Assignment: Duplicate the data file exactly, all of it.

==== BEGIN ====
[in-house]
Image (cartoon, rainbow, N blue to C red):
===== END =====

[in-house]
Image (cartoon, rainbow, N blue to C red):